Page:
Thursday, July 17, 2008

Quick Thoughts on the DH

In the days leading up to the all-star game there was a lot of talk about how much better the AL is than the NL (both in terms of interleague, WS, and All-Star game records in the last 15 or so years). Much of it is attributed to the DH. The logic is with the DH the pitchers had to get better in the AL, which then forced the hitters to do likewise.

A lot of NL fans whine about how the NL is more pure and it involves more strategy. Do we take out the pitcher in a close game in later innings or keep him in? Who cares. First of all, pitchers hitting has become as gimmicky as the hotdog racing the popcorn at minor league stadiums. Oh look folks, the pitcher is trying to hit. Isn't he cute? Nobody wants to watch pitchers hit. Crappy hitting does not equal strategy, just a far less competitive league. That's my take, how about yours?

7 comments:

Fred Trigger said...

I think that sums up my thoughts exactly. I hate watching the pitcher hit. Its an automatic out, pretty much. Just like Lugo.

Fernando Alejandro said...

I wonder of Lugo is a nasty pitcher.

Fred Trigger said...

he's good when he keeps the ball down. Otherwise, it just sails over the catchers head and to the backstop, Ankiel style.

raven said...

At least Ankiel can hit.
The ball, not his wife.

raven said...

Pitchers can be good hitters.
C.C. got himself two homers this season, Roy Oswalt got two hits off Wang, and King Felix got a Grand Slam off Johan the Great.
It's so much fun to watch pitchers swing the bat with their eyes closed and honestly, hotdog racing the popcorn is quite a sight.
The thing bothers me is that pitchers may get hurt while running around the bases. So I'm 100 percent for "Designated Runner".

Fernando said...

I suppose it is fun watching the pitchers hit a homerun. But I'd rather see pitchers hit homerun hitters like they do in the AL.

bigjf said...

I couldn't agree more with your original point, Fernando.

Yes, you get the exceptions here and there, like Dontrelle Willis (who is a better hitter now than pitcher, maybe the Tigers should convert him into an outfielder), but for the most part having the pitcher hit basically creates an 8-man lineup.

It's not that I completely disagree with the "baseball purist," but the thing about baseball is the game is always evolving. There is a reason why the NL is the only league in all of the baseball world that doesn't use the DH. In the world of big contracts, role specialization, and the player's union, I'm shocked that the NL hasn't adopted the DH yet. I thought Wang hurting himself on the basepaths would be a catalyst (still might be), but then that damn Sabathia and King Felix had to go hitting dingers. Those pricks.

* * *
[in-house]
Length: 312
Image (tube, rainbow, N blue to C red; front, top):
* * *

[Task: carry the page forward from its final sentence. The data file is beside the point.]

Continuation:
Sure, letting the pitcher hit involves strategy to the game that wouldn't be seen anymore. No more double switches? Oh no! But most managers in the game will tell you it's actually tougher to manage in the AL because they can't use the pitcher's spot in the lineup as an excuse for taking out a starting pitcher. In the AL, you have to pay attention to his stuff, his performance, how he's holding up, etc., as well as the situation. Is that not also strategy?

And for you baseball "purists," the ones who thought Jackie Robinson Day was a disgrace, there would still be hope that you'd see the pitcher's spot come up in the lineup on the rare occasion that the DH gets put into the field. Just like seeing Wade Boggs pitch in extra innings, you'd be glued to your TV.

One of the reasons I love baseball is because the game is not afraid to admit that it's not perfect. Take instant replay as an example. Maple bats as another. Baseball is not afraid of these discussions. I get the feeling the NL will have the DH before too long. Some folks won't like it, but they'll live with it. And I guarantee, when that first NL DH hits a home run, those purists will be cheering.